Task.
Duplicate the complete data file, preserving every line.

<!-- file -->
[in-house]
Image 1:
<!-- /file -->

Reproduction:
[in-house]
Image 1: